Labor rights activist Andy Hall, center, with members of the Migrant Worker Rights Network. Pic: AP.

Members of the international human rights community have affirmed their support for labor activist Andy Hall, who will face trial in Thailand next month. Nearly 100 organizations submitted a joint letter to the Thai Pineapple Industry Association (TPIA) last week, insisting that criminal and civil suits brought against Hall by the Natural Fruit company be dropped. The signing groups called for harsh punishment of Natural Fruit, saying the TPIA should remove Natural Fruit CEO Wirat Piyapornpaiboon from the TPIA presidency and should revoke Natural Fruit’s membership if it does not drop the charges.

The letter signals mounting international concern about Hall’s case. Hall, a longtime labor rights activist, faces several suits related to research he conducted on worker conditions at several factories in Thailand. Hall was one of several people working on a report on cheap labor for Finnwatch, a Finnish NGO. Because he announced the findings publicly in Bangkok, Natural Fruit, one of the companies criticized in Finnwatch’s report Cheap has a high price, claimed Hall defamed the company. Hall will face Natural Fruit in court Sept. 2-10 on criminal defamation charges for an interview he gave about the report to Al Jazeera while he was in Burma. A second trial addressing the charges brought against him under the Computer Crimes Act will begin Sept. 15.

Activists around the world see Hall’s case as deeply troubling and believe it will set a precedent for Thailand and the region, whichever way it goes.

“The show of solidarity is very telling of how important it is on an international level,” said Bobbie Sta. Maria, a Southeast Asia researcher and representative for the Business & Human Rights Resource Centre. “Some very important rights are at stake in this case.”

Hall’s case indicates deeper issues in the reporting system, Sta. Maria said. The fact that companies can bring their considerable resources to bear when silencing activists is troubling, certainly. But most people don’t realize how difficult the reporting process is. Just getting information on what is happening inside the factory can be risky.

“I think consumers need to know about the conditions of the workers making the products they need to buy and I think they need to be aware that it can be made impossible to get that information,” Sta. Maria said.

Sonja Vartiala, executive director at Finnwatch, said the organization wants to see international governments take serious action against companies that abuse workers rights. The problem goes beyond consumer education, she said.

“We want to have a law that says European companies have to do the due diligence process before they buy things from risk countries,” Vartiala said. “We don’t think this is just for consumers to decide.”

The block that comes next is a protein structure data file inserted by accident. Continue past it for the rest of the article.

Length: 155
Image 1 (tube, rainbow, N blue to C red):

If convicted, Hall could face seven years in prison and $10m in damages. The activist told Asian Correspondent earlier this summer that no matter what happens, he is committed to working on workers’ rights in Thailand. But a conviction could have a dramatic impact on the work Hall and many others are doing.

“It sets a very bad precedent. I would say even now, it’s already starting to create a chilling effect for other human rights defenders, especially in Thailand,” Sta. Maria said. “The kind of work they do is very important to exposing human rights violations. [The case] affects the amount of information that comes out about the situation of migrant workers … If this kind of oppression succeeds, people will think twice about doing this kind of work and being public about it.”

Migrant workers “are already being intimidated to be subservient to their employers,” said Abby McGill, campaigns director at International Labor Rights Forum. “Anything you do to further that isolation or that fear in those communities is wrong.”

Vartiala said the precedent being set with the case should concern companies that try to be aware of factory conditions where their goods are produced.

“There is no respect for NGOs and researchers who are trying to change problems in the supply chain,” she said. “It’s worrying for retailers who are doing audits all the time. It’s worrying for both the industry and civil society.”

Despite the grim reality of the risk he faces, Hall remains optimistic about the trial and committed to his work.

“I’m feeling very confident that we have a good case,” he said. “I have a good team of lawyers that will defend the principles at stake.” He and his legal team have been working on his testimony and preparing witnesses ahead of the trials.

“We will be proving both that the research was true and it was done properly,” he said. “It was proper research and it’s fair and we will also be making a very strong case that I had no intention to defame the company and that what I did was in the public interest.”

Many see this as an important moment for Thailand to take a firm stand on the side of human rights, especially after the country was downgraded to Tier 3 on the U.S.’ most recent Trafficking in Persons (TiP) report.

Hall himself said his case and the outpouring of attention and support will go a long way in “raising the profile of these cases across the globe, not just in Thailand.”

“This is an issue for all industries in Thailand to show the international community that they’re really serious about standing up for works rights,” he said.

“This is a situation that can be solved,” McGill said. “If migrant workers had more rights, if they had more options for reporting when they’re being abused, we wouldn’t see the intense kinds of systematic abuse were seeing in Thailand.”

For more on Hall’s case, visit his site.